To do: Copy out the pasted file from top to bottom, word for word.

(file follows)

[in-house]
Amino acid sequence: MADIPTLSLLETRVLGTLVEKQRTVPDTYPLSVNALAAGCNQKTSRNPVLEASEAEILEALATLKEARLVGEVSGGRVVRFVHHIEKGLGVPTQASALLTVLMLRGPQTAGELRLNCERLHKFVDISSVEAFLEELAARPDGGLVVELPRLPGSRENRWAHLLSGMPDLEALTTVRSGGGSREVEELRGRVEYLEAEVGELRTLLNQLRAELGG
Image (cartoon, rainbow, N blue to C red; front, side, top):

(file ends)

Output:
[in-house]
Amino acid sequence: MADIPTLSLLETRVLGTLVEKQRTVPDTYPLSVNALAAGCNQKTSRNPVLEASEAEILEALATLKEARLVGEVSGGRVVRFVHHIEKGLGVPTQASALLTVLMLRGPQTAGELRLNCERLHKFVDISSVEAFLEELAARPDGGLVVELPRLPGSRENRWAHLLSGMPDLEALTTVRSGGGSREVEELRGRVEYLEAEVGELRTLLNQLRAELGG
Image (cartoon, rainbow, N blue to C red; front, side, top):